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News and Features: Online exclusives

Mulligan, Heffernan bid for Probation

Key lawmaker hedges; Harshbarger video

BY: Jack Sullivan
Photographs By: Krisela Millios

Video highlights from "A New Path for Probation"

As the top administrative judge and Gov. Deval Patrick’s public safety secretary each made their pitch to oversee the state’s troubled probation department, a key lawmaker indicated the Legislature is in no hurry to move the agency from its current oversight structure.

“I don’t think we can say if we move it here or there, we’re going to solve the problems,” state Sen. Cynthia Creem said at a forum on the future of probation. “You’d have the same hiring problems whether it’s in the executive or judiciary. Where it goes may not be the immediate issue.”

The forum, hosted by Suffolk University’s Rapport Center for Law and Public Service and sponsored by the Massachusetts Bar Association and MassINC, brought together some of the key players who will decide the future of the agency that was once a national model but is under fire after more than a year of news reports about how it devolved into a patronage haven for the politically connected.

In addition to a bill from Patrick to move probation into the executive branch and pair it with parole, the Legislature is considering other changes to revamp the agency, including a proposal by House Speaker Robert DeLeo to make all probation appointments subject to civil service.

Creem, co-chair of the Legislature’s Judiciary Committee, was noncommittal about what action she favors, but she pointed out that patronage transgressions were not limited to legislators, repeatedly saying the executive branch and even judges took advantage of their positions to recommend friends and family members for state jobs.

John O’Brien, the former commissioner of probation who orchestrated the hiring process there, did not attend the forum but he was the target of everybody’s pitch to change the oversight and administration of the department.

Robert Mulligan, the chief justice for administration and management, whose office was the titular head of probation but had little power because of legislative changes over the years, argued that the judiciary should maintain control of the agency. At one point, he half-jokingly suggested parole should be moved into the judicial branch but later said he was opposed to combining the agencies.

Mulligan said the manner in which Ronald Corbett, the newly appointed replacement for O’Brien, has transformed probation in nine months is evidence that there is no need to hand the oversight of the embattled department over to the executive branch, as Patrick proposes.

“What Ron Corbett has already accomplished is extraordinary,” Mulligan said.

In a statement on videotape presented prior to the panel discussion, former Attorney General Scott Harshbarger, the head of a probation task force appointed by the Supreme Judicial Court, said lawmakers and members of the executive and judicial branches all knew something was wrong at probation and did nothing. “The silence was deafening,” he said.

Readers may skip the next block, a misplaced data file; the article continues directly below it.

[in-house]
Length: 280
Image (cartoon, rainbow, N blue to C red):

Mulligan later offered a different viewpoint. “I don’t think anyone, myself included, was aware of the pervasive nature of the hiring process” under O’Brien, he said.

Mary Beth Heffernan, secretary of the Executive Office of Public Safety, said consolidating the probation department with parole under the executive branch would make the combined agencies more efficient and cost taxpayers less money. She said the department would become more transparent and accountable under the executive branch because the judiciary is exempt from the state’s Public Records Law.

O’Brien, for example, reported the number of people on probation was 250,000, a number that appears to have been inflated to justify his department’s hiring and funding requests to the Legislature. In an interview with the Boston Globe in December, Corbett, who was not at today’s event because of a previously scheduled vacation, said the actual number was about 85,000.

“A unified system is better for public safety,” Heffernan said. “It’s a disgrace we didn’t know how many people were on probation.”

Mulligan said studies showed 25 percent of released inmates are placed on parole and an equal percentage was ordered to probation. About 14 percent are placed on both, which some argued as a reason for streamlining the systems. Another panelist, John Larivee of Community Resources for Justice, which has studied organizational structures of offender supervision around the country, said whether probation is under the executive or judiciary branch, consolidating resources and eliminating redundancy and conflicts between parole and probation is the key.

“We found great probation departments in the executive branch,” he said, pointing out that about three dozen states have parole under that branch of government. “It’s not the death knell for probation.”

But Justice Robert Cordy of the Supreme Judicial Court said from the audience that shifting probation to the executive branch would strain the relationships judges have with probation officers. Cordy, an aide to former Gov. William Weld, said the crisis of the day sometimes could drive political decisions on probation actions.

“If the whole system runs off that (political influence), that’s not good,” he said.

Heffernan insisted it’s exactly the experience those in the executive branch have in dealing with political pressures that would make those officials more adept at handling those kinds of situations. “The executive is used to that,” she said.

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